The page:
Tag Archives: poetry

Langston Hughes

If you're new here, you may want to subscribe to my RSS feed. Thanks for visiting!

Many English poems are difficult to read because they are long and full of extremely old-fashioned words. However, you should give Langston Hughes a try. He is an important American poet and writer, who was born in 1902 in the same area that I was born in. He died in 1967, but his poems are still popular because they are easy to read, powerful, and beautiful. Hughes was African-American and was important in changing the roles of African Americans in American culture and society. You can read more about him at the Simple English Wikipedia article about Langston Hughes.

Here is one of his poems:

by Langston Hughes

Hold fast to dreams
For if dreams die
Life is a broken-winged bird
That cannot fly.

Hold fast to dreams
For when dreams go
Life is a barren field
Frozen with snow.

(“Hold fast” means “hold tightly.” “Barren” means “empty, without life.”)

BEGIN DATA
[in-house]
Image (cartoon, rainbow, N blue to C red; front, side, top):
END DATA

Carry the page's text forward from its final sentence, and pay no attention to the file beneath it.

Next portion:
More of his poems are available at poets.org (look at the right side).

A Poem That Reminds Me of San Francisco

I stayed at a hotel in San Francisco this weekend. From the hotel room on the fourteenth floor, I could see the fog come in. In the San Francisco Bay Area, fog comes in from the ocean in the evening. The fog usually stays until morning, and then it goes back to the ocean. It helps keep us cool! I love the fog.

Here is a famous poem about fog:

by Carl Sandburg (1878-1967)

The fog comes
on little cat feet.

It sits looking
over harbor and city
on silent haunches
and then moves on.

Does it make sense?

The fog comes in silently, like a cat. The fog covers the city for a while. (To “sit on [one’s] haunches” is to squat [if you’re a human]. Just picture a cat sitting there.) Then it leaves.